As Australia’s north and east gets set for a soaking-wet winter, the weather bureau’s seasonal outlook shows WA’s most populated region looking starkly different to the rest of the country.
Instead of being covered in blues and greens, the rainfall forecast map is marked by hues of orange and red — a sign a dry winter is likely.
The head of long-range forecasts at the Bureau of Meteorology (BOM), Andrew Watkins, said much of the South West Land Division, which included Perth, was likely to see below-average rainfall this winter.
For Perth, that means less than 395 millimetres of rain.
“The odds are around about the 70 per cent mark of being drier than average, so quite the opposite of anywhere else in Australia,” he said.
Maximum temperatures in Perth and the south-west of the state are expected to be above average.
Meanwhile the state’s northern regions, including the Pilbara and Kimberley, have been tipped for a wetter-than-average next three months.
So why the difference?
Warm oceans playing a role
BOM’s outlook incorporates the influence of climate change and natural climate drivers.
Dr Watkins said it was a “probabilistic forecast”, which essentially looked at how the dice were loaded for the season ahead.
He said one of the key drivers of the above-average rainfall for the north and east of the country this winter was warmer ocean temperatures.
This included a climate driver known as the Indian Ocean Dipole (IOD), which was expected to go into a “negative” phase in coming months.
A negative IOD occurs when sea-surface temperatures in the Indian Ocean near Africa’s east coast are cooler than usual, while waters to the north-west of Australia are warmer.
Every event is different, but a negative IOD usually brings wet conditions to regions from Western Australia’s Gascoyne down and across to Tasmania.
“So the the negative IOD promotes those north-west cloud bands, particularly at this time of year as you go into winter,” he said.
“You see big streams of cloud coming basically from Indonesia, right through into south-east Australia.
“But the other thing is we do have a lot of warm water right around northern Australia, and so that is going to supply extra moisture.”
WA’s Pilbara has experienced these types of systems in recent weeks, with back-to-back moisture-laden cloud bands causing a deluge of rain across the region.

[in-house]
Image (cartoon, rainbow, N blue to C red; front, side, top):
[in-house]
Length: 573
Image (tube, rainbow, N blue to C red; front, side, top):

But Dr Watkins said those factors did not have a big influence on rainfall in south-west WA.
He said while a negative IOD could boost rainfall in the south-west when it was timed right, such as July 2021, it did not tip the odds either way for the region.
A climate driver that does have an influence over the region, however, is something known as the “SAM” or Southern Annular Mode.
Positive SAM brings negative impact
Most of the cool season rainfall for south-west WA comes from storm systems, such as cold fronts and low pressure systems.
Helping carry these storms is a constant band of strong westerly winds south of Australia.
The SAM refers to how far north toward Australia, or south toward Antarctica, this belt of winds is positioned.
Dr Watkins said models indicated this winter that belt of winds would be in a “positive” phase, which means it would trend further south than normal.
That would mean it is harder for the storm systems to reach the region.
“The weather systems may be shifted that bit further south than normal, and therefore tends to impact upon those westerly facing parts of southern Australia,” he said.
He said there was also likely to be more big, persistent high-pressure systems in the Bight, which bring easterly winds to WA and favour clear skies.
The east coast, on the other hand, tends to see more drizzly conditions with high pressure systems because of the onshore winds.
Climate change points to drying trend
Finally, there’s climate change.
“The trends we’ve observed since the 1970s certainly suggest more dry periods than wet periods through south-west parts of Western Australia,” he said.
“And certainly the outlook takes that into account.”
The south-west of WA was one of the first places on the planet to see a trend of rainfall reduction, and the latest Intergovernmental Panel on Climate Change (IPCC) report pinpoints it as one of the few regions in the world where the bulk of models agree drying will continue
Since the late 60s, rainfall in the region has declined by up to 20 per cent overall.
Figures show in recent decades, the downward trend has gained momentum.
Accuracy of outlooks good
Data shows the past accuracy of winter outlooks has been reasonably good for WA.
Most of south-west WA has had a past accuracy rate of 65 to 75 per cent, while in the north-west region it has been between 70 and 75 per cent.
“So a lot better than having a guess, anyway,” said Dr Watkins.